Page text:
For example, in a general partnership with four 25% equal partners, the FSA will give you four payment limitations. But Ryan says the drawback here is the poor liability protections partnerships afford.
To solve the liability issue with partnerships, this is where corporations come into play. On the flip side, however, Ryan relates that the challenge with corporations is taxes. “You miss out on some of those big tax benefits that an LLC or a partnership would offer.” From a succession planning perspective, Ryan explains that landholding businesses are most commonly put into corporations.
“They’re no longer operating, they’re no longer buying equipment, they’re no longer trying to be the primary business that’s driving the farm. If we can get those corporations down to where they’re just land with a landlord, we can make them easy to operate.” In Ryan’s opinion, “corporations produce the most heartburn in succession planning.”
Multiple Entity Plans
“We can put folks in a real mental pretzel with the type of business entities that we set up,” explains Ryan. Some farms may have multiple entities with LLCs, partnerships, and a corporation all in one. “It might sound like it’s too much, but there’s always a good reason why they may be set up that way.
Many farmers have side businesses in addition to their farming operations. When thinking about setting up multiple entities, Ryan says the important thing to remember here is protecting each business.
“Think of those different entities, those side businesses as kind of like a Venn diagram. If you’ve got a landholding business, a farm operating business, and an agritourism business all operating under the same roof, do you want that agritourism business to overlap in any way to where if there’s an accident or issue, it interferes with the farm operation?”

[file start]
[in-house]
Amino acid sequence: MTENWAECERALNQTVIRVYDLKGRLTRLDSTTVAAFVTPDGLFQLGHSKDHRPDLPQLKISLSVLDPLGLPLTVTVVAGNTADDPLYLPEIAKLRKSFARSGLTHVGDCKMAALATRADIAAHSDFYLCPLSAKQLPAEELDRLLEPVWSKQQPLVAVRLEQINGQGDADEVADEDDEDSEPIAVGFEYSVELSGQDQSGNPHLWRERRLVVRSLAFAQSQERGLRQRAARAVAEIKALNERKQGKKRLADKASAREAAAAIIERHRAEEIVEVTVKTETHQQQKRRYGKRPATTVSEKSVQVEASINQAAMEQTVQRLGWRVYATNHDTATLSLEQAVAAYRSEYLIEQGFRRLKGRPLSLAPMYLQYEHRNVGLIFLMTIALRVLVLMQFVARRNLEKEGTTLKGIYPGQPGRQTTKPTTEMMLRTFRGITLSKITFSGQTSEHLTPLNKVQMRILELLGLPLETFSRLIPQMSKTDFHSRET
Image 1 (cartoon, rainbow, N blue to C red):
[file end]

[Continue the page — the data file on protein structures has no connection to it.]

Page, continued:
Start early. “The side businesses or the main farming business that you're working on as a young or beginning farmer, it's something you'll probably carry with you the rest of your career. So get that entity set up sooner rather than later.”
Here’s a glance at this episode:
- [01:25] Ryan introduces himself, his background in agriculture, and his career path in agricultural law.
- [02:33] Ryan discusses whether or not a farm must operate under an entity.
- [04:25] Ryan introduces some traditional structures like sole proprietorships, partnerships, and DBAs.
- [06:54] Ryan explains what a Limited Liability Company (LLC) is and its benefits.
- [09:27] Ryan explains the tax implications of a single-member versus multi-member LLC.
- [11:18] Ryan gives an example of how a farm operation might have a multi-entity setup.
- [17:19] Ryan explains the importance of an operating agreement to serve as a rulebook for company owner(s).
- [19:50] Discussing LLCs, Ryan shares what it means to be either a member of an LLC or a manager.
- [22:01] Discussing partnerships, Ryan discusses the benefits of general partnerships, especially with farm size, and why they are common tools in succession planning.
- [27:08] Discussing corporations, Ryan shares some of the challenges corporations present.
- [32:43] Ryan shares why it’s crucial to have a team of professional advisors to assist with farm decisions.
- [37:13] For farmers with side businesses, Ryan explains the liability implications of multiple businesses operating as one.
Resources mentioned in this episode:
Share questions and topic ideas with us: Email email@example.com
Voiceover (00:08): Welcome to AgCredit Said It. In each episode, our hosts sit down with experts from all parts of the agriculture industry to bring you insights and must-have information on all things from farming to finances and everything in between.
Libby Wixtead (00:27): Welcome back to season three of AgCredit Said It, and today we are going to be talking about entities and the best way to structure your farm as the sole proprietor, or if you're going to go through succession planning. Today, we have Ryan Conklin with us again, who is the owner and attorney for Wright & Moore Law firm located here in Delaware. Welcome, Ryan. We're happy to have you again.
Ryan Conklin (00:53): Yeah. Great to be back. Libby, is there some sort of repeat guest t-shirt or a swag that I get?
Libby Wixtead (01:00): There was a talk last season from Phil that if you get on here five times, like Saturday Night Live, you get a jacket or something maybe. So I think Kayla needs to work on that. So you got to come on here a couple more times.
Ryan Conklin (01:13): Okay. Just let me know the topics. I'll be there and I'll probably make my own punch card so I can track my episode progress here. So really want to see this jacket come to fruition.
Libby Wixtead (01:25): Yes, me too. All right, Ryan, could you tell us a little bit about yourself again and how you came to this path of being one of the top law firms in Ohio for agriculture?